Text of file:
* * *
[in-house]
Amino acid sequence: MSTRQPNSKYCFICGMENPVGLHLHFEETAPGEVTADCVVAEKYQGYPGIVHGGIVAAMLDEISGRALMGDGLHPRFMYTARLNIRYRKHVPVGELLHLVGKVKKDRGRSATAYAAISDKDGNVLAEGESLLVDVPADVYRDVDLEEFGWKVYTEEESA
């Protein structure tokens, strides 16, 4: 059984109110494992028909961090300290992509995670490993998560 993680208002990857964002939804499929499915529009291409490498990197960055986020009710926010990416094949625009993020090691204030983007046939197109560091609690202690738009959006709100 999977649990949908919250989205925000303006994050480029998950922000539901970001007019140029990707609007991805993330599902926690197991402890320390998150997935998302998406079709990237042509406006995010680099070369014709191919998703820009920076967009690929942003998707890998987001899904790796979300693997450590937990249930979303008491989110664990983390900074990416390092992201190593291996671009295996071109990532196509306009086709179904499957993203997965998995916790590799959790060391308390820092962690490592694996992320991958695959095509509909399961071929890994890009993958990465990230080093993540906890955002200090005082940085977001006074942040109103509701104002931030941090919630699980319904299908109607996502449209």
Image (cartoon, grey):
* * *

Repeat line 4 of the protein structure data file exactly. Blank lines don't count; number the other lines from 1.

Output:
Image (cartoon, grey):